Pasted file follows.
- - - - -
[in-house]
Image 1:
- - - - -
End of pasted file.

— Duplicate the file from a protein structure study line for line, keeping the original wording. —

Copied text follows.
[in-house]
Image 1: